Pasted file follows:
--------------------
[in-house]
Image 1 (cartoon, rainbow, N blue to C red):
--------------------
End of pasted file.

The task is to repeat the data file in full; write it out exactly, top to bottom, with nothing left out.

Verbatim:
[in-house]
Image 1 (cartoon, rainbow, N blue to C red):